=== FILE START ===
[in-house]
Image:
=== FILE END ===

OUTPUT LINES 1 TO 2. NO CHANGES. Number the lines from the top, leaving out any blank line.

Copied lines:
[in-house]
Image: